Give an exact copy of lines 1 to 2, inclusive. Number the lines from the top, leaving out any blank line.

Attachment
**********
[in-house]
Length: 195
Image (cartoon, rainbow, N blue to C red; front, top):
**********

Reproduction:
[in-house]
Length: 195